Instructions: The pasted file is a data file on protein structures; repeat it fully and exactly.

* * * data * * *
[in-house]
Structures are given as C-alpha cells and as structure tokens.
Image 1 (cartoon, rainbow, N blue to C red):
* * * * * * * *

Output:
[in-house]
Structures are given as C-alpha cells and as structure tokens.
Image 1 (cartoon, rainbow, N blue to C red):